Let me start by asking which you’d prefer:
- A 10% raise?
- A 3% raise?
If you’re like almost everyone, the answer is hands down #1. But let me re-phrase the question a bit. Which would you prefer?
- A 10% raise in 1980?
- A 3% raise in 2009?
Is your answer still the same? I bet you think it’s a trick question because I added a year to the options. You’re right, it IS a trick question! The years 1980 and 2009 are special. Can you guess why? 1980 is very well known for having a very high inflation rate whereas 2009 is known for being a deflationary year (a year where the inflation rate is negative). In 1980 the inflation rate was 13.5% whereas in 2009 it was -0.4%. Having brought this new information to light, is your answer still the same?
In other words, which do you prefer:
- 10% raise at 13.5% inflation in 1980 = a real -3.5% raise in terms of purchasing power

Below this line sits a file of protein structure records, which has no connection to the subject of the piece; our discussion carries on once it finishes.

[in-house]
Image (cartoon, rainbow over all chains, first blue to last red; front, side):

- 3% raise at -0.4% inflation in 2009 = a real 3.4% raise!
Looking at the numbers adjusted for inflation, option #2 is now by far the best economical choice, beating option #1 by almost 7%!! Option #1 is actually a pay cut!
Now here’s the kicker, although most people realize option #2 is the best economically, the majority of us FEEL that the person in option #1 is HAPPIER with their raise than the person in option #2. Notice here I said feel happier, NOT that they were financially ahead! Although we’re able to differentiate between the two, most people still believe they would feel happier with option #1!!
What’s more, this same research paper (Money Illusion) also discovered that people believe the person in option #2 was more likely to leave their job. Basically, as William Poundstone summarized in his book Priceless, the overall theme of the paper is:
“$$$ = happiness = actual dollars NOT ADJUSTED FOR INFLATION”.
So how do you get a pay cut and be happy about it? Get a raise, but have that raise be less than the rate of inflation.